Livestock: How Has COVID-19 Affected U.S. Pork Exports?

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Yesterday, USDA’s Economic Research Service (ERS) released its monthly Livestock, Dairy, and Poultry Outlook, which included updated information regarding U.S. pork exports.  Illinois is a leading pork producing State.

“Hogs and Pigs- Inventory: 2017,” 2017 Census of Agriculture. USDA- National Agricultural Statistics Service. Click Image to Enlarge

In part, the ERS update stated that, “Since early April, COVID-19 infections have reduced laborforces in several U.S. pork processing facilities, causing plant throughput to slow and some plants to temporarily shut down.

“USDA\AMS data below shows that from April 6 through April 30, the U.S. pork processing industry operated at about 78 percent of its normal capacity.”

Livestock, Dairy, and Poultry Outlook, LDP-M-311, U.S. Department of Agriculture, Economic Research Service, May 18, 2020. Click Image to Enlarge

“Due to constrained processing capacity, both estimated federally inspected April hog slaughter and pork production fell more than 11 percent below a year ago. Early-May capacity utilization data suggests a nascent rebound.

“At 60.3 percent, the AMS\USDA utilization rate data for the week ending May 8 was slightly higher than that of a week earlier—the week ending May 1, when the capacity utilization rate averaged 58.5 percent.”

Turing to exports, The Outlook explained that, “Pork exports in March were the highest on record, at almost 702 million pounds.

Shipments to China- Hong Kong dominated the total at 196 million pounds, more than 3 times the volume of a year earlier, but exports to Mexico—at 140 million pounds, 9.5 percent higher than a year ago, and to Japan, at 114 million pounds, more than 18 percent ahead of March 2019—also accelerated the total to achieve the record high.

“March exports to the 10 largest foreign destinations are summarized in the table below. These 10 markets accounted for 94 percent of exports in March.”

Livestock, Dairy, and Poultry Outlook, LDP-M-311, U.S. Department of Agriculture, Economic Research Service, May 18, 2020. Click Image to Enlarge

In addition, ERS indicated that, “Record-high first-quarter January-March pork exports are summarized in the table below.

Livestock, Dairy, and Poultry Outlook, LDP-M-311, U.S. Department of Agriculture, Economic Research Service, May 18, 2020. Click Image to Enlarge

For the period, exports summed to over 2 billion pounds, almost 40 percent above a year ago.

It is notable that the 2020 first-quarter export volume is just shy of the annual pork export total for 2004: total pork exports for 2004 were 2.18 billion pounds, just 157 million pounds above first-quarter exports this year.

“What also distinguishes first-quarter exports is that they accounted for 27.2 percent of commercial pork production; this trade share is record-high.”

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Yesterday’s update stated that, “First-quarter shipments to both Mexico (435 million pounds, up more than 12 percent year over year ) and Japan (322 million pounds, up almost 12 percent from a year earlier) would have been especially notable had it not been for China\Hong Kong exports, totaling over half-a-billion pounds.

“Exports to China\Hong Kong so far this year are more than 5 times larger than shipments during the same period last year, accounting for almost 30 percent of first-quarter U.S. exports.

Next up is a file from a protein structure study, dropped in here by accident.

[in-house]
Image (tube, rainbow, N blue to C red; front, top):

“China’s import demand for pork is being driven by African Swine Fever (ASF)—first diagnosed in China in August 2018—which continues to constrain Chinese pork production.”

Livestock, Dairy, and Poultry Outlook, LDP-M-311, U.S. Department of Agriculture, Economic Research Service, May 18, 2020. Click Image to Enlarge

The Outlook also noted that, “The evolution of China’s pork imports since 2018, as well China’s first-quarter import data, suggest that while pork from the European Union continues to hold a dominant share, recent relaxation of retaliatory measures on U.S. pork by the Government of China have contributed to increases in the U.S. share of first-quarter Chinese imports. The U.S. share increased to just over 18 percent, from about 7 percent a year earlier.”

Looking ahead, ERS pointed out that, “The economic effects of the COVID-19 virus are likely to have negative implications for U.S. pork exports in 2020. The impacts of the virus would derive from both the supply and demand sides: to lowered U.S. pork production and slower world economic growth leading to lower consumer incomes and weaker currencies, respectively.

“The negative effects of the virus are expected to be felt most acutely in the second half of 2020. Consequently, the third-quarter export forecast was lowered 100 million pounds to 1.6 billion pounds, almost 6 percent above same-period shipments in 2019. Fourth- quarter exports are expected to be 1.875 billion pounds, almost 3 percent above the same period last year.”

And Reuters writers Hallie Gu and Dominique Patton reported yesterday that, “New Hope Group, one of China’s biggest pig breeders, expects the country’s hog output to recover from last year’s disease epidemic by 2021, while prices will start to fall after a rush of new entrants into pig farming, chairman Liu Yonghao said on Monday.

The fatal pig disease African swine fever reduced China’s huge hog herd by around half last year, but the government has offered incentives to farmers to spur a recovery.

“Liu said prices for pork, China’s favourite meat, will remain relatively high this year, but could fall below production costs in the coming years as new players, including real estate and internet companies, turn to farming.”




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